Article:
Bubble Bath


Remember when we were kids we’d blow bubbles and watch  them slowly drift away.  The bigger the bubble, the better.  We understood they couldn’t and wouldn’t last very long, and sure enough, to our great delight, they all would pop.  But then we’d blow more of them and watch the process repeat itself.  It was all great fun – no harm done.

The image of a bubble carried over into the world of finance where the stakes were much higher.  Bubbles could still be fun – for a time at least.  When they burst, however – which they always did – great distress followed.  The critical question of course was just when that would happen.  Timing was everything.

And so down through the centuries average people and more sophisticated “investors” have been caught up in speculative bubbles, swept along by popular enthusiasm and outsized expectations, i.e, the prospect of substantial returns.  Those familiar with this phenomenon inevitably point to such high profile bubbles as Tulipmania in the Netherlands in the 1630s, the South Sea Bubble in France in 1720 the Florida real estate bubble of the 1920s, and more recently the Dot com Bubble and the Housing Bubble..

As the Stock Market continues to advance to new heights early in 2015 the debate begins anew.  Are we once again entering  bubble territory?  Has, as former Federal Reserve Chairman Alan Greenspan once phrased it, “irrational exuberance” taken over, or do stock price increases merely reflect better corporate earnings and exciting new business frontiers?

Bubbles generate euphoria.  There is excitement, optimism and  profits aplenty.  What homeowner, for example, in the early 2000s wasn’t thrilled to see the value of his house increase sharply year after year.  He could not overlook the fact that valuations were many times what he’d originally paid – and not that many years ago.  Eager to cash in on this windfall he signed up for home equity loans which released thousands upon thousands of dollars available for purchases of all kinds.  There were those warning that house prices were unsustainable, had never before in history risen so sharply, that bubble conditions existed, but why listen when other voices suggested the housing market had simply entered a new phase.  Then it all collapsed in 2008 and seven years later we are still feeling the effects of the crash.

Are we more vigilant today or just as prone to explain that “this time it is different?”  Of course bulls and bears have always debated each other, both arguing their case with conviction, certain that the other side has misread or misinterpreted developments.  Today we hear, for example, that the current rise of stock prices  to new highs is not like the Dot Com mania (1997-2000) where companies with little or no revenues and obviously unprofitable  were bid up to breathtaking levels.  On the contrary today’s high flyers have lengthy track records, enjoy substantial revenues, are profitable and whose stock prices have not risen into the stratosphere.  Moreover, current market leaders are operating in new exciting business areas such as social media, cloud computing, mobile networks, cyber security, biotechnology and robotics blazing the trail toward the economy of the future.  Furthermore, investors today are more sophisticated, have learned to be more critical after the Dot Com and housing debacles.  And then there is the Federal Reserve which dropped the ball last time and so will now scrutinize developments more carefully and intervene (e.g., by raising interest rates) before matters spin out of control.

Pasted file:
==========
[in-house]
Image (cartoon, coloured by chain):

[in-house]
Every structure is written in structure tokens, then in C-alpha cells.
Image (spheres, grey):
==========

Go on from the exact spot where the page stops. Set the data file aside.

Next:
This is all wishful thinking, the worriers declare.  Bubbles are addictive; attract people who are eager for the fast buck, who overlook warning signs and whose initial profits serve to draw them in ever more deeply.  Inevitably such folks will find a way to rationalize “bubbles” by insisting they represent true value, not speculative fantasies.  (“Companies will grow into their stock valuations.”)  There is, moreover, boatloads of cash in corporate and private hands chasing about recklessly for higher returns, scouring the economic landscape for promising opportunities.  Will government regulations tamp down speculation and nip bubbles before they swell?  History does not offer much comfort here.  Regulators are reluctant to toss monkey wrenches, douse economic exuberance and have as much trouble as everyone else distinguishing between future prospects and unhealthy binges.

And so today the worriers are pointing to sectors of the economy they deem shaky and vulnerable.  Too much money is chasing after relatively small bio-tech companies.  Social media enterprises, they insist, are highly overvalued while private equity and venture capital money is pouring into little more than start-up operations driving valuations beyond all reason.  Then, too, the housing market could become risky again, thanks to new regulations permitting smaller down payments for mortgages.  In addition stock market gains are clearly outdistancing the real growth of the U.S. economy where GNP increases are modest, wage gains barely perceptible, consumption restrained and worker productivity disappointing.

The Bubble hunters will no doubt continue their search, confident that human nature, and good old-fashioned American optimism will confirm their fears.  Until that happens, however, the party will go on.

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